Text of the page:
The brightest planets in April’s night sky: How to see them (and when)


April starts off with but a single planet in the evening sky: Mars. The red planet continues to slowly recede from the Earth and subsequently continues to fade. But by month’s end, the smallest and closest planet to the sun, Mercury, begins to appear, low in the western sky after sunset. And if you have a flat and unobstructed horizon, you might also catch a brief glimpse of Venus shining through the bright twilight below Mercury. Meanwhile, in the predawn skies, Jupiter and Saturn are evident low in the east-southeast sky. 

In our schedule, remember that when measuring the angular separation between two celestial objects, your clenched fist held at arm’s length measures roughly 10-degrees. Here, we present a schedule below which provides some of the best planet viewing times as well directing you as to where to look to see them.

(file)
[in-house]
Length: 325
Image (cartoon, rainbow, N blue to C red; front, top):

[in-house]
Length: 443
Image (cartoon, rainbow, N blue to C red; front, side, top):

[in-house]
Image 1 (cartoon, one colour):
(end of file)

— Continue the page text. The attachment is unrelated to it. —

Mercury 

(Image credit: Starry Night)

Mercury — stands at superior conjunction on April 18th. Approaching perihelion, it will quickly enter the evening sky, becoming an easy naked-eye sight by month’s end. By the evening of the 27th, Mercury will attain an elongation of 10° east of the sun and sets about 55 minutes after it. At magnitude -1.5 (a trifle brighter than Sirius, the brightest star), Mercury should be readily visible in binoculars about 12° to the southwest of (below) the Pleiades. Greatest elongation will occur on May 17th.

Venus

starry night sky April 2021 venus

(Image credit: Starry Night)



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